Intrigued by the Dutch way of life? The Netherlands has a global reputation for being a safe and friendly environment, where the locals enjoy active and healthy lifestyles and a good standard of living. Their relaxed and positive view of the world has expats flocking there every year to begin a new chapter in life.
Everyday Life in the Financial Centre
Getting around Amsterdam is easy, the tram and buses are quick and cheap, and there’s over 400km of bike paths and an unparalleled canal network.
It has immediately recognisable architectural style, and the largest number of monuments in all of the Netherlands, most of which can be found in its historic centre. Your daily life will take in many beautiful sights, bustling squares and historic buildings nestling up against ultra-modernity.
The Netherlands has an excellent education system. There is a range of public, private and international schools, and it is compulsory for children between the ages of 5 and 18 to stay in education. The Netherlands is rated #1 for School Quality on the HBSC Expat Explorer Survey.
The healthcare system is also very good. Medical insurance is used to pay for short-term treatment, but hospitals and long-term treatment are funded by the government through tax. Both public and private hospitals are of a high standard.
Business in the Netherlands
The work/ life balance is another one of the highlights of the country. Employees are expected to have a life outside of work, getting into the office at 7am and staying until 8pm is not expected and is even frowned upon in some businesses. It is even common in some companies for professionals to only work four-day weeks, especially those with families.
Nevertheless, the Dutch are very hard-working and tend to be quite formal in the business environment. Punctuality is very important and small talk is usually kept to a minimum during meetings, they would rather get straight down to business.
Where to go, what to see
One of the most popular tourist attractions in Amsterdam is the Anne Frank House. The building is the real-life home of the Jewish wartime diarist, turned into a biographical museum. During World War II, Anne Frank hid from Nazi persecution with her family and four other people in hidden rooms, known as the Secret Annex. Her father, Otto Frank, was the only survivor. In 1947, the diary was published and Otto oversaw its transition to stage and screen.
The museum was opened on May 3rd 1960 and preserves the family’s hiding place, has a permanent exhibition depicting the life of Anne Frank and also features exhibitions about persecution and discrimination. It is one of the most-visited museums in the Netherlands.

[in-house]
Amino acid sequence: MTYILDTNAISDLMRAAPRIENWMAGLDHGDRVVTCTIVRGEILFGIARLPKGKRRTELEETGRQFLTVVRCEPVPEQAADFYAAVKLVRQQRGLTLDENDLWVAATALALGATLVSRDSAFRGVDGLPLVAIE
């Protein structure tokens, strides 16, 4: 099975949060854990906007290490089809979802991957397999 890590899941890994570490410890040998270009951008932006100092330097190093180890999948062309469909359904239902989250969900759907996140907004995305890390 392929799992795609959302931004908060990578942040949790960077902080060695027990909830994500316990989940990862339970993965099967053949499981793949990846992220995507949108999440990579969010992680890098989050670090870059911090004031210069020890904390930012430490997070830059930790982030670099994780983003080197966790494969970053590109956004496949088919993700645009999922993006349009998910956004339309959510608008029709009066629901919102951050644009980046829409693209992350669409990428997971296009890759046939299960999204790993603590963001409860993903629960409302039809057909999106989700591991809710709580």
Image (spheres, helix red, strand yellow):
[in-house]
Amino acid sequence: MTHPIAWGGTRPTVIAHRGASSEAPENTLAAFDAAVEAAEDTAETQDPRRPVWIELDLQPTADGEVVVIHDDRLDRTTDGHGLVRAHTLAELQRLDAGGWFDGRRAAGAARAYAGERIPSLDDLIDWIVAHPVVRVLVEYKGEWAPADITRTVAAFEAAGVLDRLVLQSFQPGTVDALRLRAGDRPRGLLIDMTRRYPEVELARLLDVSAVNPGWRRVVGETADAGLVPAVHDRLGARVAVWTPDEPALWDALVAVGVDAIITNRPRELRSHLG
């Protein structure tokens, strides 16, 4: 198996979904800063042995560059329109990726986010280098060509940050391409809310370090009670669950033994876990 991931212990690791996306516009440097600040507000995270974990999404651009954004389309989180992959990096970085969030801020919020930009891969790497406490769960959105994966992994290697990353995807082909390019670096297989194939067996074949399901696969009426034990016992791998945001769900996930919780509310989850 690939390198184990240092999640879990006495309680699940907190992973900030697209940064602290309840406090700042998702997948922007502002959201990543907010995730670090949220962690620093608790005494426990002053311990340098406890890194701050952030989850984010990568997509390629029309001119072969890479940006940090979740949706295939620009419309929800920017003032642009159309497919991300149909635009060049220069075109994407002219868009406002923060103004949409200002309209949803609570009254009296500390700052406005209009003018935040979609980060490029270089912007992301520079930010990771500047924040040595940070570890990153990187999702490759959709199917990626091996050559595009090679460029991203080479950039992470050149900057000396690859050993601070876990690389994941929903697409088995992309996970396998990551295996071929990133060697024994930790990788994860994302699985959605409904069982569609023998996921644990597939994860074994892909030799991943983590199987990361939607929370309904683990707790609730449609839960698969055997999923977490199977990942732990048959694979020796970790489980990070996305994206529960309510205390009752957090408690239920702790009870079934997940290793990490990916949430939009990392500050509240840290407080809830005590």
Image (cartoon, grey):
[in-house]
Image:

For the nature lovers, the Keukenhof’s flower extravaganza is certainly worth a visit. It is located about half an hour away from Amsterdam. The gorgeous garden is open for a limited time (late March to May) and blows guests away with its vast variety of flowers, including the Netherlands’ famous tulips (800 varieties). Over 7 million bulbs will bloom next spring, featuring beautiful flowers of every colour of the rainbow. The 32-acre park also hosts different events throughout the spring and also features a petting zoo, maze and playground.
Another popular museum is the Van Gogh Museum, an art museum dedicated to the works of Vincent Van Gogh. It opened on June 2nd 1973 and houses the largest collection of the artist’s paintings and drawings in the world. In 2017, it was the most visited museum in the Netherlands, with 2.3 million visitors.
Yearly events/ festivals
January – Tulip Day – Dutch tulip growers build a huge garden on Dam Square, with approximately 200,000 tulips. The festival includes countless surprises and promotions from the growers. You can even pick a free bouquet of flowers!
January – Chinese New Year – A big celebration in Amsterdam’s China Town with fireworks, dragon dances and delicious food.
April – King’s Day – A national holiday where the Dutch dress in orange and party to celebrate King Willem Alexander’s birthday.
July-August – Amsterdam Gay Pride – A festival for LGBT+ people with street parties, exhibitions and cultural events. The highlight is the Canal Parade, where extravagant floats and boats drift along the canal.
September – Heritage Day – Around 4,000 historical buildings open their doors to the public for two days throughout the Netherlands. This is the only chance to take a look inside luxury canal houses, castles, palaces, old farmhouses and forgotten factories.
November-January – Christmas Markets – Perfect for Christmas shopping, ice-skating and hot chocolate drinking!
December-January – Light Festival – Artists, architects and designers from across the globe bring their light artworks and installations alive. The works are placed along two routes because each has a different theme.
Get in touch today to find out more about opportunities in the Netherlands!